Before Salmond made his announcement, suspended and expelled Labour Party members were already planning to create a ‘shadow’ Labour Party to fight back against the purge of left-wing members instigated by Keir Starmer and his unelected general secretary, David Evans.

The ‘shadow’ party is the brainchild of Labour In Exile Network (LIEN), a national organisation of members who have been unfairly suspended or expelled from the party headed by Starmer.

It is holding its first meeting today (March 27) at 6pm – and as an unfairly-expelled Labour member, This Writer did seriously consider attending.

But my problem is that I come with the kind of baggage that opponents in Labour and the other mainstream political parties could exploit.

And I’m not alone. Most, if not all, of the members of LIEN will have been removed from Labour accused of anti-Semitism or of supporting anti-Semitism by backing Jeremy Corbyn after Starmer (or was it really Evans?) suspended him.

I have no doubt that such accusations are false. They were in my case. But that won’t matter to seasoned politicians who will merrily manipulate a lie if it means keeping their privileged position.

So I hope one of the topics of tonight’s inaugural meeting will be a discussion of how to sideline such accusations and make the accusers look ridiculous.

LIEN has said this about the event:

How do we fight back against the ongoing onslaught against the left in the Labour Party? That’s the theme of LIEN’s first Fightback Meeting at 6pm on Saturday 27 March on Zoom – open to all members and supporters of LIEN (and no, you don’t have to have been expelled or suspended from the Labour Party to get involved!)

SHADOW CLPS: One key way is the building of shadow structures, “ghost” CLPs which enable members to continue debating how we advance the cause of the left. People will share their experience of setting up such structures and possibilities of national cooperation will be discussed.

WORKING GROUPS: From fighting the witch-hunt, racism and disability discrimination, to how we engage with the media and transform the Labour Party — LIEN is setting up a series of working groups to enable grassroots members to take their struggle forward. This meeting is your chance to get involved in an existing group or make the case for a new group. If you have an idea for a working group, please draw up a proposal of around 200 words and send it to [email protected] There are a few working groups already running/in preparation – see here: https://www.labour-in-exile.org/working-groups/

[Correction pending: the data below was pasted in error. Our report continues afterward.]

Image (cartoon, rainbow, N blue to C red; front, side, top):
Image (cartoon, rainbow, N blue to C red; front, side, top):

Please consider joining LIEN – annual minimum fee of£5 unwaged/£10 waged: https://membermojo.co.uk/lien

I have no doubt that this organisation will develop into a political party of its own, rather than concentrating on trying to save the original Labour Party; many are likely to believe this is a lost cause after more than 40 years of pollution by right-wingers, starting in earnest with Neil Kinnock but expanded hugely by Tony Blair. After that amount of time, the corruption runs deep.

I wish it the best in its inaugural meeting – and may apply to join later. I want to be sure it will be able to deal with the smears first. If you want to sign up for the meeting, you can do so here.

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Tories plan to rig local elections with change from proportional representation to FPTP

The Conservatives are planning to make it easier for them to win local elections by changing the voting system to make it less representative.

Currently, elections for Combined Authority mayors, the mayor of London and police and crime commissioners are carrried out using a version of proportional representation which takes into account the preferences of people whose first choices do not have the highest number of votes.

Two candidates go through to the second round if no one gets more than 50 per cent of the primary vote.

A winner is then chosen from the remaining two by taking preferences into account from the voters who chose eliminated candidates as their first preference.

This means that everybody’s vote helps to influence the result – but the Conservatives lose out.

That’s why they want to change the system to FPTP – “First Past The Post” – in which the party winning the most votes in a single round of voting wins the election, even if it doesn’t have the support of a majority of the people.

Priti Patel announcing the plan to change the system, lied that the British people had rejected proportional representation in a referendum in 2011.

She was wrong. The public endorsed FPTP only for general elections, because the referendum was focused only on them.

The intention is clear: the Tories are going to rig local elections to ensure that they have the best chance of winning.